One of the areas I had most fun with when working on A Year with the Harrisons--when it was first drafted or this year when it was published--was the music theme. Music is something I've always loved (I am practically glued to my MP3 player and I've run through more pairs of earbuds over the years than could be counted.) But it hasn't played a large part in any story except The Harrisons, at least so far.
There are two aspects of music that spiral their way through The Harrisons. Mainstream popular music--a blend of pop and country, very likely to be heard on the radio or even in grocery store background music; and music played in churches. The church scene is quite diverse--classical cantatas, traditional choir music, modern worship choruses, and a dash of instrumental and orchestra, and a lot of story is generated by the conflict between people who argue about these different kinds of music. On the mainstream music end, a prominent subplot concerns the Harrisons' cousin Betty and her family, all of whom do popular music professionally.
Snatches of lyrics poke into the story now and then. Music isn't just a plot device in A Year with the Harrisons--it's part of the story's heart and one of the reasons it might continue to resonate with people. Music has a unique way of capturing emotions that no other medium can express and keeping a musical tone throughout the story is a way of trying to describe things best said through song.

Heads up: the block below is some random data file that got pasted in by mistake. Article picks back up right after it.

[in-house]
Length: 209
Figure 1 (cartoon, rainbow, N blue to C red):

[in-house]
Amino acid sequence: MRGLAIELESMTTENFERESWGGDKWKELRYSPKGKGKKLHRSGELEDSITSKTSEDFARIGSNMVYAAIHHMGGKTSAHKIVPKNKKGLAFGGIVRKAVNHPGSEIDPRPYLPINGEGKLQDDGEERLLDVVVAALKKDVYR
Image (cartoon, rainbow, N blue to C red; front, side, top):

And there will be more updates.
Pleasant Fiction in an Age of Noise
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When I set about defining my books, I wanted them to be positive places where a gentleness emanated from the pages. A hopeful safety lies in gentleness and there's also an honesty to it. A whirlwind of pushy book blurbs and hot characters (or whatever type character the author wants you to admire) can conceal a reality underneath. A quiet--possibly even lurking--reality that's more visible if you dial down the volume. That lurking reality isn't necessarily bad, but like anything quiet, it gets drowned out by conflict and angst. Peaceful fiction can help explore the truth that noisy books ignore.
Bellevere House has been featured on Ezvid Wiki video "10 Wonderfully Inventive Retellings That Interpret Classic Stories in a New Way." Click to see the video.